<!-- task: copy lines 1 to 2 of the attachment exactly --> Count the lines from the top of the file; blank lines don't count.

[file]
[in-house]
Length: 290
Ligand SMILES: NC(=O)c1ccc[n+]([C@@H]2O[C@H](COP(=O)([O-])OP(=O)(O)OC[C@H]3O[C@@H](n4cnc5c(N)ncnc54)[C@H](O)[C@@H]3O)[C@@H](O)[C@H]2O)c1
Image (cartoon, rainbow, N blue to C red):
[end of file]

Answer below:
[in-house]
Length: 290